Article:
Ranji Trophy: New season, new hope
It is an opportunity for the aspiring players to make their presence felt, writes Atreyo Mukhopadhyay.india Updated: Nov 23, 2006 11:58 IST
With the ‘blue billion’ training their eyes on Rahul Dravid’s men in South Africa, India’s most important cricket competition is getting off to a quiet start. The 73rd edition of the Ranji Trophy begins on Friday, with seven Elite and six Plate Division matches taking off in various parts of the country.
The biggest domestic first-class competition in the world, featuring 27 teams in two divisions (the English County Championship is second with 18 teams), is a mammoth operation — 85 matches in 92 days.
The stakes are not high in terms of monetary rewards, but that has never discouraged the players from performing to the best of their abilities. The battle for the biggest prize in Indian cricket is going to be crucial this season because of a variety of reasons.
There can be openings for middle-order batsmen and fast bowlers when the Test squad for South Africa is picked, and the search for the right combination for the World Cup is not over yet. Also, the selectors must start thinking now about what happens after that.
Not all those who figure centrally in the Indian team’s plans at the moment are going to be around this time next year and the selection committee chairman Dilip Vengsarkar has shown a lot of interest in looking out for the possible replacements. And this is the right time for the aspirants to score those runs and take those wickets.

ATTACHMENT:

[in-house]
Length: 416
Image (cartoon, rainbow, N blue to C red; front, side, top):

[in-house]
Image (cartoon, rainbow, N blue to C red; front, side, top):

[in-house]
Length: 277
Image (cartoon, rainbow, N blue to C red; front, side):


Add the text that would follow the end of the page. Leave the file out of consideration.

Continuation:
Apart from providing players a chance to earn their tickets to international cricket, the Ranji Trophy has been interesting in the recent years for another reason. It is no more the bastion of a few teams, after the emergence of good players from teams like Baroda, Jharkhand and Uttar Pradesh, places with unknown cricketing pedigree.
Proof of this competition becoming a national championship in the true sense of the word lies in the list of winners over the last six years: Uttar Pradesh and Railways won their maiden crowns, while Baroda won it for the first time in nearly 50 years in that period.
Apart from increasing the options for the selectors, the new winners prove the national character of the game.
Not many will watch these games, despite some matches being beamed live on TV; on the other had, reams will be written about what happens in South Africa, but that will not decrease the importance of the Ranji matches to those who are playing. They will still do their best because they know those who matter are watching.